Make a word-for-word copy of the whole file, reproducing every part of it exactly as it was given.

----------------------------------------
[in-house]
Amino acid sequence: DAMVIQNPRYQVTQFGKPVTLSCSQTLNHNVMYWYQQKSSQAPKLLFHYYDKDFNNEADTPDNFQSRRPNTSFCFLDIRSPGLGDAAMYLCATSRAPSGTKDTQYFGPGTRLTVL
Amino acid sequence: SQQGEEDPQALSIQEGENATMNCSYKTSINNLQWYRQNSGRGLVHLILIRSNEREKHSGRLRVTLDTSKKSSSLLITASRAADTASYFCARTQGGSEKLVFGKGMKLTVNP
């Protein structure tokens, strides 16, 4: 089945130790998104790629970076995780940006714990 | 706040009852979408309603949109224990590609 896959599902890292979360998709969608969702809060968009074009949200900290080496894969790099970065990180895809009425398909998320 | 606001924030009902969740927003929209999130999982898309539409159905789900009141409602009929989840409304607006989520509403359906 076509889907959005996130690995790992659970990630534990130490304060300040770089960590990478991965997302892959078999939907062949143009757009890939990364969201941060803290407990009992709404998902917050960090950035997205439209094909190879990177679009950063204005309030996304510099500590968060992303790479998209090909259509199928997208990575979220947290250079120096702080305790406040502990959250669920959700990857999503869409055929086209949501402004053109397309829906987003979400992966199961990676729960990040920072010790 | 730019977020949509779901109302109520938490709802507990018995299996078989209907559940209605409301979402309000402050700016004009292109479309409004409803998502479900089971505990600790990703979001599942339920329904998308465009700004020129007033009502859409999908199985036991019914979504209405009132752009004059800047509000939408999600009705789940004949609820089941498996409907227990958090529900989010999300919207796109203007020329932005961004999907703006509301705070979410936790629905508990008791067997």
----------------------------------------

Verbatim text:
[in-house]
Amino acid sequence: DAMVIQNPRYQVTQFGKPVTLSCSQTLNHNVMYWYQQKSSQAPKLLFHYYDKDFNNEADTPDNFQSRRPNTSFCFLDIRSPGLGDAAMYLCATSRAPSGTKDTQYFGPGTRLTVL
Amino acid sequence: SQQGEEDPQALSIQEGENATMNCSYKTSINNLQWYRQNSGRGLVHLILIRSNEREKHSGRLRVTLDTSKKSSSLLITASRAADTASYFCARTQGGSEKLVFGKGMKLTVNP
């Protein structure tokens, strides 16, 4: 089945130790998104790629970076995780940006714990 | 706040009852979408309603949109224990590609 896959599902890292979360998709969608969702809060968009074009949200900290080496894969790099970065990180895809009425398909998320 | 606001924030009902969740927003929209999130999982898309539409159905789900009141409602009929989840409304607006989520509403359906 076509889907959005996130690995790992659970990630534990130490304060300040770089960590990478991965997302892959078999939907062949143009757009890939990364969201941060803290407990009992709404998902917050960090950035997205439209094909190879990177679009950063204005309030996304510099500590968060992303790479998209090909259509199928997208990575979220947290250079120096702080305790406040502990959250669920959700990857999503869409055929086209949501402004053109397309829906987003979400992966199961990676729960990040920072010790 | 730019977020949509779901109302109520938490709802507990018995299996078989209907559940209605409301979402309000402050700016004009292109479309409004409803998502479900089971505990600790990703979001599942339920329904998308465009700004020129007033009502859409999908199985036991019914979504209405009132752009004059800047509000939408999600009705789940004949609820089941498996409907227990958090529900989010999300919207796109203007020329932005961004999907703006509301705070979410936790629905508990008791067997």